Just came across this in the django docs

Calling none() will create a queryset that never returns any objects and no query will be executed when accessing the results. A qs.none() queryset is an instance of EmptyQuerySet.

I build a lot of CRUD apps (surprise) and I can't think of a situation where I would need to use none().

Why would one want to return an EmptyQuerySet?


6 Answers 6


Usually in instances where you need to provide a QuerySet, but there isn't one to provide - such as calling a method or to give to a template.

The advantage is if you know there is going to be no result (or don't want a result) and you still need one, none() will not hit the database.

For a non-realistic example, say you have an API where you can query your permissions. If the account hasn't been confirmed, since you already have the Account object and you can see that account.is_activated is False, you could skip checking the database for permissions by just using Permission.objects.none()

  • I believe this is correct, but I will throw in that it seems like the some of the core developers are in support of removing the None() method. Please see ticket django support ticket 19184 code.djangoproject.com/ticket/19184
    – David S
    Jan 12, 2013 at 3:38
  • 1
    The reasons given there are all valid, but they are a criticism of the implementation, not the pattern.
    – DanielB
    Jan 12, 2013 at 3:45
  • 1
    I would not disagree with you... just adding an observation about the current feature.
    – David S
    Jan 12, 2013 at 4:22

In cases where you want to append to querysets but want an empty one to begin with Similar to conditions where we instantiate an empty list to begin with but gradually keep appending meaningful values to it example..

def get_me_queryset(conditionA, conditionB, conditionC):
    queryset = Model.objects.none()

    if conditionA:
        queryset |= some_complex_computation(conditionA)
    elif conditionB:
        queryset |= some_complex_computation(conditionB)

    if conditionC:
        queryset |= some_simple_computation(conditionC)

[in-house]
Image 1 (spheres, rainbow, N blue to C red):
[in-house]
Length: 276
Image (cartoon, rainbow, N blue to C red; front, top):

return queryset

get_me_queryset should almost always return instance of django.db.models.query.QuerySet (because good programming) and not None or [], or else it will introduce headaches later..

This way even if none of the conditions come True, your code will still remain intact. No more type checking

For those who do not undestand | operator's usage here:

queryset |= queryset2

It translates to:

queryset = queryset + queryset

another use of queryset.none is when you don't know if there will be objects but do not want to raise an error.


class DummyMixin(object):

    def get_context_data(self,**kwargs):
        """ Return all the pks of objects into the context """

        context = super(DummyMixin, self).get_context_data(**kwargs)

        objects_pks = context.get(
        ).values_list("pk", flat=True)

        context["objects_pks"] = objects_pks

Another good use case for this is if some calling method wants to call .values_list() or similar on results. If the method returned None, you'd get an error like

AttributeError: 'list' object has no attribute 'values_list'

But if your clause returns MyModel.objects.none() instead of None, the calling code will be happy, since the returned data is an empty queryset rather than a None object.

Another way of putting it is that it allows you to not mix up return types (like "this function returns a QuerySet or None," which is messy).


It's useful to see where qs.none() is used in other examples in the Django docs. For example, when initializing a model formset using a queryset if you want the resulting formset to be empty the example given is:

formset = AuthorFormSet(queryset=Author.objects.none())


none() is used in get_queryset() to return an empty queryset depending on the state of has_view_or_change_permission() as shown below:

class BaseModelAdmin(metaclass=forms.MediaDefiningClass):

    # ...

    def has_view_or_change_permission(self, request, obj=None):
        return self.has_view_permission(request, obj) or self.has_change_permission(
            request, obj

# ...

class InlineModelAdmin(BaseModelAdmin):

    # ...

    def get_queryset(self, request):
        queryset = super().get_queryset(request)
        if not self.has_view_or_change_permission(request):
            queryset = queryset.none() # Here
        return queryset

Your Answer

By clicking “Post Your Answer”, you agree to our terms of service and acknowledge that you have read and understand our privacy policy and code of conduct.

Not the answer you're looking for? Browse other questions tagged or ask your own question.